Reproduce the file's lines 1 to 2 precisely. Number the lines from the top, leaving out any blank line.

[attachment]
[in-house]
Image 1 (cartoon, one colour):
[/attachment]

[in-house]
Image 1 (cartoon, one colour):